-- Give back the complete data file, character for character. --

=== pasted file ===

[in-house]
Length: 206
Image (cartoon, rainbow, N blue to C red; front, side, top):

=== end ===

[in-house]
Length: 206
Image (cartoon, rainbow, N blue to C red; front, side, top):